185. Memorandum From the Assistant Secretary of State for Far Eastern Affairs (Robertson) to the Acting Secretary of State1


  • Review of Policy with Respect to Korea (NSC 5514)

In response to the National Security Council request that our Korean policy be reviewed in the light of the Joint Chiefs of Staff report on force levels and the Prochnow Committee report on aid programs, my staff has completed a comprehensive study of the problem based on a number of recent intelligence estimates and research studies on Korea together with the views and recommendations of the Ambassador at Seoul and the Economic Coordinator. I should be glad to make these papers available to you should you so desire.

The conclusion reached as a result of this comprehensive study is that the objectives and courses of action of NSC 5514 (Tab A)2 remain valid and the paper, therefore, does not require revision with the possible exception of paragraph 8, which deals with the courses of action to be pursued by the United States in the event of south Korean aggression against north Korea. My views on this section of the current NSC paper will be forwarded to you separately.

The over-all objectives and dimensions of the military and economic aid programs likewise do not, in my opinion, lend themselves to any major modification at this time and I believe, therefore, they must be continued at present levels (Prochnow Committee alternative 1). (Prochnow Committee Report—Tab B)3

FE is convinced that substantial reductions in military or economic aid (alternatives 3 and 4 of the Prochnow Committee’s Report on Korea) would weaken our military and political posture in Korea, to the serious detriment of United States interests there and elsewhere in the world.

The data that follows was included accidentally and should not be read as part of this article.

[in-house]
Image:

Since the Cairo Declaration,4 United States policy has been directed toward the establishment and maintenance of a free, independent [Page 352] and unified Korea. We fought a major war to prevent Communist compromise of this objective by military aggression and in the fighting suffered thousands of casualties. Although a cease-fire was effected in 1953, the armies remain deployed in the field under an armistice and the threat of renewed aggression is a very real one. The American public and the Congress, in my opinion, fully appreciate this special situation and as a consequence, little difficulty has been experienced when requests are made for aid to Korea. It is widely appreciated that the United States was at fault prior to the opening of the Korean hostilities in having withdrawn its tactical forces, in having failed to create adequately trained and equipped forces in south Korea, and in having failed to make clear that it would not countenance Communist aggression. Since the signing of the Armistice, we have entered into a Mutual Defense Treaty with Korea, supplementing the Joint Policy Declaration of the Sixteen, and we have assisted in the development of a larger and more effective Korean military establishment. Nonetheless, our position is not altogether secure; the most recent North Korean [less than 1 line of source text not declassified]5 gives the north Koreans a marked superiority in the air and a capability of launching a limited attack without warning. It also points out that Communist forces in Korea could be reinforced from Manchuria within eight days by at least six Chinese Communist armies.